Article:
Voltage: it is defined as electrical pressure or potential force, and is represented by the letter V. In concrete terms, this means that there is a difference in electrical charge between two points. It is measured in volts, and will cause greater current flow the larger it is. Can push electricity through a conductor but not through an insulating material. The instrument that measures voltage is a voltmeter. It measures the difference in electrical pressure between two points and is used in parallel. Voltage varies for different kinds of equipment, but it is usually 120V in North America. Some electrical appliances have a range of operation – for example between 120 and 220V – which means that any voltage in between that range should be acceptable for the normal operation of the device. A higher voltage could burn out the equipment (higher current flow) and a lower voltage will not be sufficient for the equipment to function properly.
• Current: is the movement of electrons through a conducting material, is represented by the letter I, and is measured in amperes. The device that measures current is an ammeter and it is inserted in series in a circuit.
• Power: it is measured in Watts (W), and represented by the letter P. One horsepower (also a wayto measure power) is equivalent to 750 Watts. In addition, a kilowatt-hour (kWh, 1000W) is the energy of 1000W working for 1 hour. The amount of energy, or electricity, used or generated by a consumer or a power plant, respectively, is measured in kWh. A watt-meter is the instrument that measures power.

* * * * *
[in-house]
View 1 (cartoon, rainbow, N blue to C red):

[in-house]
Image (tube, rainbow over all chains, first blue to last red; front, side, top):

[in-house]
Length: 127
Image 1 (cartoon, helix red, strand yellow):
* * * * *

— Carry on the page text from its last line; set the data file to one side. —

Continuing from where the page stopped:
• Resistance: opposes the flow of current, analogously to friction in mechanics, and is measured in Ohms. It changes electricity into some other type of energy, such as heat or light. Every electrical component and circuit have some resistance. The device that measures resistance is called an ohmmeter. The resistance of an electrical conductor depends on its length (the resistance of a longer wire will be greater than that of a shorter but otherwise similar wire), cross-section (a thicker wire has smaller resistance than a thinner but otherwise similar wire), temperature (the higher the temperature, the lower the resistance of a material will be), physical condition and material itself.
Though electrical circuits can be quite complex, even the simplest ones always carry a source of electricity (such as a battery or a generator), a load (which can be, for example, a light bulb or a motor) and conducting wires that connect the source and the load.
Series and parallel connections ：
There are two types of circuit connections:
• Series connection – the components are assembled end-to end, such that electrons have only one possible path to flow through the circuit. With this type of connections, the current remains constant, but the voltage is the sum of that at all components in series (all three lamps in the image below).
• Parallel connection – the components of the circuit are assembled such that there are multiple paths for electrons to flow through. Parallel wiring is opposite of series wiring in that the voltage remains constant, but the total flow of current is the addition of the current flowing through each component of the circuit (all three lamps in the image below).
Direct vs alternating current:
When current always flows in the same direction in a circuit, the positive and negative terminals of a power source (such as a battery or a solar panel) are always, respectively, positive and negative. In this case, the current is said to be direct current (DC).